We evaluated 4-hour voiding observation as a method of basic assessment of bladder dysfunction in young boys with posterior urethral valves.Materials and Methods
Voiding pattern, including number of voids, voided and residual urine volume, and bladder capacity, was determined noninvasively in 24 boys younger than 4 years with posterior urethral valves and compared to that of healthy age matched controls. Results were then compared to those of standard cystometry.Results
The number of voids was higher, voided was smaller and residual urine volume was higher in the posterior urethral valve group. There was no difference in voiding pattern before and after removal of the anatomical obstruction. Voided and residual urine volume, and bladder capacity were higher on standard cystometry than on voiding observation.Conclusions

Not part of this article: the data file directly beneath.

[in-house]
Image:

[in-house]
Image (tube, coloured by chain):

Four-hour voiding observation is an easy noninvasive method that focuses on emptying difficulties and clearly detects differences in voiding patterns between boys with posterior urethral valves and healthy, nontoilet trained children. We recommend the method as a complement to standard cystometry for the diagnosis and followup of bladder dysfunction in young boys with posterior urethral valves to identify the need for treatment.